When traveling between nearby cities or within cities, it is common to use a cab; the costs are quite reasonable; but, when traveling between larger cities across long distances, taxis are as costly as flying. Avoid using unauthorized taxis since the driver will almost certainly scam you off. Most taxis do not have a taximeter, so agree on a fee ahead of time. Many drivers will attempt to take advantage of your ignorance, but no matter what you are told, never pay more than 30 DA per kilometer. Tipping is not required, however you may round up to the nearest ten Dinars.

Get Around By car

The road network in the north is highly developed; the Algerian government has made significant improvements in road construction in recent years, with new highways constructed to replace the existing marod roads. The most significant route is the 1200 km long N1 (Route est-ouest) from Annaba to Oran, which connects virtually all major towns in the north, including Algiers.

Because of the well-functioning public transit system, a vehicle is not strictly required, although it may be helpful to access more distant places on occasion. Keep in mind that driving practices in China are totally different from those in the West, and that laws and prohibitive signs are seen as recommendations, even by the police! Allowing a local Algerian to drive for you in the first few days to acquire a feel for the driving style is a smart choice; if this is not feasible, it is advised that you remain on the roads.

Do not attempt to reach Saharan regions in any vehicle other than a 4×4, since periodic dunes on the roads and severe temperature fluctuations would provide a challenge to both the driver and the vehicle.

Fuel is very inexpensive, costing little more than 15 DA per litre.

Get Around By train

Algerian railroads are operated by SNTF, and trains and lines are presently being modernized. Ten comfortable high-speed trains known as Autorail were purchased, with two of them presently in service. Tickets may only be purchased at railway stations; costs are reasonable but more than buses or taxis, but in exchange, you will have greater luxury and enjoy beautiful scenery.

Main Routes :

  • Algiers to Oran, the train takes 4 hours and departs each day at 15:00 from Algiers Central Station and arrives in Oran at 19:30, 2nd Class: 1.000 DA, 1st Class: 1.500 DA.
  • Algiers to Annaba, the only option is a sluggish and less comfortable nighttrain, which departs each day at 20:45 and takes the whole night to reach Annaba. Alternatively, you may take the daytrain to Constantine and then a cheap cab to Annaba.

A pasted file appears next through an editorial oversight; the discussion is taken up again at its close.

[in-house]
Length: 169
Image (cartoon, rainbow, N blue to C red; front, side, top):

• Algiers to Constantine departing each day at 06:45 and arriving in Constantine at 13:30, make sure that you get a window seat because the train will take you through the scenic kabilyan mountains and wonderful landscapes, 2nd Class: 1.200 DA, 1st Class : 1.800 DA.

Destinations in Algeria

  • Algiers — The capital of Algeria and the country’s political and cultural hub, Algiers has a population of over 3 million people.
  • Annaba — Annaba is a town of 200,000 people in the country’s east, on the border with Tunisia.
  • Batna
  • Bechar — Bechar is a small city in the Sahara near the Moroccan border.
  • Constantine – Constantine is Algeria’s third-largest city, with a canyon running through it.
  • Oran — Algeria’s second biggest city after Algiers, often known as the “second Paris” by Algerians, has several magnificent colonial-era structures.
  • Sétif — Kabyle’s administrative center, with relatively mild winter temperatures and occasional snowfall.
  • Tamanrasset — Tamanrasset is the southernmost town and the starting point for treks to the Sahara and the Hoggar Mountains.
  • Timimoun — A tiny Saharan oasis hamlet that serves as an excellent base for desert excursions.

Things To See in Algeria

Algerian tourism, very much like Libya, is most renowned for its historical ruins, particularly those from the Phoenician, Roman, and Byzantine periods. Timgad at Batna, Hippo Regius at Annaba, Djemila at Sétif, Calama at Guelma, and remains from all three dynasties at Tipasa are among the most renowned.

While the Roman remains are more well-known, Algeria’s biggest tourist attractions are in the Sahara; no other nation on the planet can match the variety of thrilling and unique experiences available in the vast desert. In the M’zab Valley, the crown gem is the epicenter of Mozabite culture. The five towns are linked by a magnificent architectural playground reminiscent of contemporary cubist and surrealist art. They have to be seen in person to be believed. The harsh, rugged Saharan Atlas mountains, the endless desert and Hoggar Mountains around the country’s desert capital of Tamanrasset, the massive dune field of the Grand Erg Oriental at El-Oued, and the ancient rock carvings of Djelfa and the Saharan National Park of Tassili N’Ajjer are among the country’s most impressive landscapes.

Algeria’s Mediterranean beaches are severely undeveloped, despite their great potential, due to the country’s terrible security situation, which has scared away almost all visitors. However, if you plan on being in the nation for a long, a little rest and relaxation will be in order at some time, and there is no need to travel to Tunisia. Beaches may be found at Oran (urban) on the Turquoise Coast, Annaba, and, in particular, Skikda and Ghazaouet. The seaside village of Sidi Fredj is definitely the place to visit near Algiers.